He died at his house, Holmwood Park, near Dorking, Surrey, after a short illness, on 14 Nov. 1873, aged 67. He married, on 22 July 1843, Lucy, eldest daughter of Frederick Lewis, commander R.N., and had one son, John Bruce Nichols (b. 1848), and two daughters. The son's name was joined in 1873 to those of his father and uncle as printers of the ‘Votes and Proceedings of the House of Commons.’ A portrait of Nichols at the age of twenty-four is contained in a family group in water-colours, by Daniel Maclise (1830). A medallion, representing him and his wife, by L. C. Wyon, was struck in commemoration of their silver wedding in 1868.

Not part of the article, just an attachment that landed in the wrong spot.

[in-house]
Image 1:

Nichols was the third in succession, and not the last, of a family which has added to the unblemished record of a great printing business an hereditary devotion to the same class of learned studies. The following list of separate publications, particularly those issued by the Camden Society and the Roxburghe Club, include many valuable contributions to the materials of English history and topography. His heraldic and genealogical researches are of great importance. As president of the Society of Antiquaries, Earl Stanhope testified to the loss of Nichols as making ‘a void which it is no exaggeration to call irreparable as regards the particular line of inquiry to which he devoted himself’ (Annual Address, 1874).